The business model canvas, originally conceived by Alexander Osterwalder, is a simple, one-page tool anyone can use to design and refine how your enterprise creates value. I've been using it now for over five years, and have found it to be immensely useful, especially at key developmental stages such at the start-up, growth, and re-invention of an enterprise. It's a "pre-business planning" tool, that you can use to sort out the big, strategic picture of your enterprise and get your team (literally) on the same page, before you commit to developing the full business plan. Indeed, for many low-risk enterprises, a good business model canvas + a simple set of financial projections + a simple action plan is all that is needed to map things out. (It might be helpful at this point if you watch this 2-minute intro video, to give you a really nice overview. Otherwise, read on...)
The business model canvas chunks your enterprise down into nine key components:
In this post, I'm going to walk you through the first five elements -- the right half of the canvas that deals with your customers -- using the working draft of the business model canvas for the Village Coffeehouse, the winner of my Social Enterprise Challenge, as a real-world example. I'm going to go through each of the elements in a logical order (presented above) that has worked best for me.
1. Customer Segments
Everything starts with your customers, without whom you have no business, and around whom the rest of the business model is built. As is the case in all elements of the business model canvas, the goal here is not to describe every detail; rather just the defining characteristics of your most critical customer segments. The Village Coffeehouse's key customer segments include those listed in the figure to the right. These customer segments are presented more or less in order of priority, although that could (and likely will) change once the doors open.
2. Value Propositions
A value proposition defines the core benefits, or value, that an enterprise provides to its customers, expressed in terms that are meaningful to them. It's often the case that an enterprise will need to offer a slightly different value proposition for each distinct customer segment. (For ease of reference, I've matched the colours of the Village Coffeehouse's various value propositions to their respective customer segments.) You will want to validate each of these value propositions by consulting with representatives of each corresponding customer segment before, during, and after you launch your enterprise -- remaining open feedback that will help you refine and enhance your offering.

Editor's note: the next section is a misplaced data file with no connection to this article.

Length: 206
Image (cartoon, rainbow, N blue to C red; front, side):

Perhaps the most important thing to remember about this whole exercise is that, as a social enterprise, you will first need to ensure that you offer the same or better value (quality and price) as your mainstream competitors. Only then will your customers be open to embracing your social impact. For the Village Coffeehouse to be a successful social hub -- a "third place" where people find and create community -- it will have to offer the same excellent coffee, food, and service that customers would expect to find at their favourite mainstream alternative (e.g. Starbucks, Tim Horton's, Second Cup, etc.). Repeat after me: first, you sell them what they want to buy (great coffee), then you can sell them what you want them to buy (community). Even the best, most supportive customers will only buy once if your product is inferior, no matter how great your social impact may be. Now, of course, there will be a line that you're not willing to cross -- a product or service feature that certain customers want, but that may be at odds with your social mission. For example, the Village Coffeehouse, as a social hub, would likely never offer drive through service; it's hard to create community if everyone stays in their cars...
3. Customer Relationships
One of the things that I like about the business model canvas is that it gets you to really think about the kind of relationship you ideally want to create with your customers. Over time, that relationship will become a critical part of your value propositions, especially if you're looking to create a high-engagement relationship.